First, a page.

October 11, 2014: Publication of The Other Microsoft by Philippe Boucher (Blurb.com and Kindle versions)

October 14, 2014: Bill Gates publishes on his blog 'Why inequality matters', his review of Thomas Piketty's book, Capital in the 21st century.

November 7, 2014: Philippe Boucher is disciplined by Lionbridge with a 'written warning' for The Other Microsoft because it 'unacceptably disparaged Microsoft and Lionbridge'.

November 8: contact via email with Microsoft's Board of Directors about the lack of paid leave for supplier's employees, situation described in The Other Microsoft.

November 14, 2014: collective bargaining first meeting

December 11, 204: Philippe Boucher files a discrimination charge against Lionbridge for the 'written warning' about The Other Microsoft. 

December 18, 2014: collective bargaining second meeting

January 7, 2015: collective bargaining 3rd meeting

January 13, 2015: Article in the Boston Globe 'Microsoft labmates bargain for benefits'

January 15, 2015: Article in the Seattle Times 'Labor issues at Microsoft prompt talks of policy changes'

February 3: Opening of a blog for Temporary Workers of America

February 10: collective bargaining 4th meeting in the presence of attorney Dmitri Iglitzin (with financial support of AFL-CIO) to advise TWA

February 27: collective bargaining 5th meeting: Lionbridge initial proposal with zero paid leave of any kind (in the presence of Danielle Franco-Malone to advise TWA)

March 10, 2015: Publication of L'Autre MoitiƩ de Microsoft (French version of The Other Microsoft) on Amazon-Kindle.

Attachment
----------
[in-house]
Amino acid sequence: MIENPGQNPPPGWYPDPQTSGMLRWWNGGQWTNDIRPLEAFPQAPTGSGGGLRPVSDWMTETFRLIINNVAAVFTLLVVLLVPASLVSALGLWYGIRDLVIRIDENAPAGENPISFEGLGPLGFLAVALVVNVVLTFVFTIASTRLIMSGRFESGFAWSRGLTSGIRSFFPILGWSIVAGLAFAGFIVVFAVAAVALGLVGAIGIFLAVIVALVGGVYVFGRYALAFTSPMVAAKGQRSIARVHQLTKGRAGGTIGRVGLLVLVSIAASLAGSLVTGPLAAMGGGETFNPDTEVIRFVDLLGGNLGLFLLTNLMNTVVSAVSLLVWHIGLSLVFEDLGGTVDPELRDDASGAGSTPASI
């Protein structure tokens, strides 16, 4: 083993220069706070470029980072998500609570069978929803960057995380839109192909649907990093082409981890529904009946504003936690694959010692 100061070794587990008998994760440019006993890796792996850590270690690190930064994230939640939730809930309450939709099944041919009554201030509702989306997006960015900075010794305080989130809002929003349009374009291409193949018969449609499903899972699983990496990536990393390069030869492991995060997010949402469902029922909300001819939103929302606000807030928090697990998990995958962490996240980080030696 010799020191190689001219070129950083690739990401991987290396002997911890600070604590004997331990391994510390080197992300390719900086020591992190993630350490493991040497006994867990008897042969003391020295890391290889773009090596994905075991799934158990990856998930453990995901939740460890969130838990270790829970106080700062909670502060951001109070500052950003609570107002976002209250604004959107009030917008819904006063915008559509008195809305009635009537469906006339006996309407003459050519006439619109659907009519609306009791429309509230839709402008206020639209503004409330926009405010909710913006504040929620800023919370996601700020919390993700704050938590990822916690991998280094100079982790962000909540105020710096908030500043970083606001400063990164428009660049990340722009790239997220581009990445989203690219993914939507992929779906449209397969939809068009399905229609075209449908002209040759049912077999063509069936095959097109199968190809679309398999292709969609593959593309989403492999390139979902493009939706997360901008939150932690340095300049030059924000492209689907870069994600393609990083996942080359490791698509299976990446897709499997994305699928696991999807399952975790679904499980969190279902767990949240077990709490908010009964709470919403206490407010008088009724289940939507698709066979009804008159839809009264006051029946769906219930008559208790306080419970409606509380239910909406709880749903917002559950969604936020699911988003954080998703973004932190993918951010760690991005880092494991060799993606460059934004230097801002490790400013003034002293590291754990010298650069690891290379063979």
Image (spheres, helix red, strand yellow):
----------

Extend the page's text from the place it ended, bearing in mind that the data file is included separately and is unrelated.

March 24, 2015: Presentation of TWA for the students of the Design for Social Change class at Cornish School of the Arts: they are going to produce images and video clips pro bono for TWA.

March 24, 2015: Article about Lionbridge CEO 2014 compensation

March 24, 2015: Charge for bargaining in bad faith filed with NLRB by TWA against Lionbridge (for refusing to provide the contract with Microsoft and the amount Microsoft pays for each employee). Charge withdrawn on May 19.

March 26: Brad Smith's Announcement about Microsoft new requirement that suppliers provide at least 15 days of paid time off to their employees

March 27, 2015: several articles about TWA, in the Seattle Times, the Washington Post, etc.

March 30, 2015: Creation of the blog Paid Time Off Matters to monitor the implementation of Microsoft's announcement.

April 16, 2015: Microsoft CEO invited to the White House as 'champion of change' because of their new paid leave requirement for their suppliers

May 1st, 2015: Article in Business Week Bloomberg News: 'Microsoft's contract workers are organizing'

May 12, 2015: Facebook announcement about their new policy requiring paid time off and providing paid parental leave for their suppliers employees

May 16, 2015: Article in the Seattle Times, "Image says it all for Microsoft temps', about the images produced by the Cornish Students.

May 19, 2015: TWA withdraws its charge against Lionbridge for bargaining in bad faith.

May 22, 2015: TWA petition to Microsoft on coworking.orgMemorial Day should be a paid holiday for all 40.000 Microsoft temporary workers